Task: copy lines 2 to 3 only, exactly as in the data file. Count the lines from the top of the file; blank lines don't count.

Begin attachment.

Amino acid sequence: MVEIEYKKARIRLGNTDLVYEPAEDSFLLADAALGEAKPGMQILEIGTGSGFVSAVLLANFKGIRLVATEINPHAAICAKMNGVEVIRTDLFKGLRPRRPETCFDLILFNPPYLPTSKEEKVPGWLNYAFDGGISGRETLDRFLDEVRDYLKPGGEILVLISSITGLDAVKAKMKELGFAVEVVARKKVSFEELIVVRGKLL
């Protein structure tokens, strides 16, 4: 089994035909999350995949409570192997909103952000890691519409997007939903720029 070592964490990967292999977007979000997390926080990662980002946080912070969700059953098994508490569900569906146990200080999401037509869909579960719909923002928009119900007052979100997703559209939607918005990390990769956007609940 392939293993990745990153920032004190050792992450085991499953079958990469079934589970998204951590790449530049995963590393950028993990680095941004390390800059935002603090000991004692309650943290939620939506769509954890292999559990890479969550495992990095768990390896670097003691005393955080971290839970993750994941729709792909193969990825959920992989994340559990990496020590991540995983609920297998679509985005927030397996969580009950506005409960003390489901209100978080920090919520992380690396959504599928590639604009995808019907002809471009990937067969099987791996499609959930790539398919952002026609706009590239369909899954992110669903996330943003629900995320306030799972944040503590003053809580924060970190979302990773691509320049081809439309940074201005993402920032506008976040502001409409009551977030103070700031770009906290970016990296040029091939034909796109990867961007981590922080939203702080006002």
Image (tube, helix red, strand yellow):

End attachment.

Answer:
């Protein structure tokens, strides 16, 4: 089994035909999350995949409570192997909103952000890691519409997007939903720029 070592964490990967292999977007979000997390926080990662980002946080912070969700059953098994508490569900569906146990200080999401037509869909579960719909923002928009119900007052979100997703559209939607918005990390990769956007609940 392939293993990745990153920032004190050792992450085991499953079958990469079934589970998204951590790449530049995963590393950028993990680095941004390390800059935002603090000991004692309650943290939620939506769509954890292999559990890479969550495992990095768990390896670097003691005393955080971290839970993750994941729709792909193969990825959920992989994340559990990496020590991540995983609920297998679509985005927030397996969580009950506005409960003390489901209100978080920090919520992380690396959504599928590639604009995808019907002809471009990937067969099987791996499609959930790539398919952002026609706009590239369909899954992110669903996330943003629900995320306030799972944040503590003053809580924060970190979302990773691509320049081809439309940074201005993402920032506008976040502001409409009551977030103070700031770009906290970016990296040029091939034909796109990867961007981590922080939203702080006002």
Image (tube, helix red, strand yellow):